DAILY EXPRESS  8/12 Oct ran five part condensation of the Burdick-Wheeler novel “Fail-Safe”, anti-nuclear fringe sf story which anticipated a situation which was pretty near reality with the Cuba crisis so soon to follow. ::: German weekly BUNTE 24 Oct ran 10 page spread on von Braun, American rockets, satellites and moon probe. Illustrated by “artists impressions” and several colour photos.

PANIC BUTTON 11 (Dec 62. 35 from Les Nirenberg, 1217 Weston Rd., Toronto, Canada. 42pp) Just in and mostly unread, but featuring the mixture as before with provocative, thoughtful and/or humorous material by Colin Freeman, Rolf Gindorf, Cal Demmon, Buz Busby, Dick Schultz et al.

MAZE, the first 1963 sf calendar, is available from Tom Schlueck, 3 Hannover, Altenbekener Damm 10, Western Germany at 1DM, 2/- or 30cents per. Looks good.

AXE, Stateside fandom’s leading newszine, comes out with the news that its publisher Larry Shaw is shortly moving to Evanston, Illinois where Larry will take up a job with Regency Books. Noreen and the children will follow him as soon as they’ve tied up their Staten Island home. This has led. to AXE going monthly and it is disturbing to note that the newszine is deploring the the current state of affairs in fandom where news just isn't coming in fast enough, a universal trend it appears. In the same issue AXE further disturbs the reader by announcing the separation of Ted and Sylvia White. Having been present during the whirlwind courtship four years ago this news is particularly well ech! to me.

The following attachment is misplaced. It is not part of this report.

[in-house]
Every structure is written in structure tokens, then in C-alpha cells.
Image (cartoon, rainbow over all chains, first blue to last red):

MENTION OF AXE reminds me that another Stateside newsmagazine, SCIENCE FICTION TIMES put out by James Taurasi, 1836 129th St., College Point 56, NY, USA, and covering pronews in detail, is looking for a British Correspondent. Jimmy Groves? John Roles? Geoff Lindsay? Anyone?

The heck with you, Chrystal Tackett, Betty Kujawa should find some reason for coming here more often.

CoA section:
Jhim Linwood, 5 Kingdom Road, London NW 6.
Bill Donaho, 1526 Arlington Avenue, El Cerrito, Calif.,USA.

ELLA PARKER, British fandom’s leading light, asks me to mention that the reason her battery has needed recharging of late is because of her forthcoming enforced move. In the crazy mixed up world of tenancies and real-estate Ella has been told that she will shortly be moved. She packed up and sat ready. And waited. And waited. And waited.... She’s still waiting and her fanning equipment is still packed up. The move could be at any time. An unenviable position. To be on the safe side, the Friday evening BSFA meetings at the Pen. have been cancelled until further notice. Watch this space!